Alberto Contador, for a brief time Lance Armstrong’s cycling teammate, had his 2010 Tour de France title taken away and a two-year ban for doping enforced Monday by the Court of Arbitration for Sport.
CAS’ ruling upheld decisions by the International Cycling Union and the World Anti-Doping Agency, which had fought to uphold penalties against Contador after a Spanish cycling tribunal exonerated him last year.
The 29-year-old Spaniard failed a doping test that had been conducted during the last rest day of the 2010 Tour de France.
Contador tested positive for clenbuterol, which is used in muscle-building and weight loss and is prohibited by the International Cycling Union. Contador argued that the substance must have come from his eating of contaminated meat that a friend had brought him from Spain to France. The CAS ruling, which came from its headquarters in Lausanne, Switzerland, said, in part, “The presence of clenbuterol was more likely caused by the ingestion of a contaminated food supplement.”
CAS also noted that “Spain is not known to have a contamination problem with clenbuterol in meat” and that “no other cases of athletes having tested positive to clenbuterol allegedly in connection with the consumption of Spanish meat are known.”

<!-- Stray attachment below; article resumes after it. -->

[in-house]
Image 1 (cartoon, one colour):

Contador gave no comment Monday, but he is expected to hold a news conference in his hometown of Pinto, near Madrid, on Tuesday. He becomes the second cyclist in history to be stripped of a Tour de France title.
Floyd Landis, an American who had joyously come from the back of the peloton to explode up a mountain climb in the 2006 Tour, also failed a doping test and had his title stripped.
Landis wrote a book and tried to raise a million dollars to help defend himself, but two years ago he told the Wall Street Journal that not only did he dope, but he also had witnessed Armstrong doping.
Monday’s decision about Contador came three days after U.S. prosecutors announced they were dropping their investigation into doping claims against Armstrong, who is retired.
Contador and Armstrong were teammates in 2009 on the Astana team when Armstrong made a comeback after a 3 1/2-year retirement.
It was an uncomfortable alliance that year when Contador won the Tour de France and Armstrong finished third. A year later, Armstrong and Contador were no longer teammates when Armstrong raced in his last Tour de France, finishing in 23rd place.
Andy Schleck, who finished second, 39 seconds behind Contador in that race, is now in line to be declared the winner. He told reporters in Europe, however, he felt no happiness at the decision.
“I feel sad for Alberto. I always believed in his innocence,” Schleck said. “This is just a very sad day for cycling.”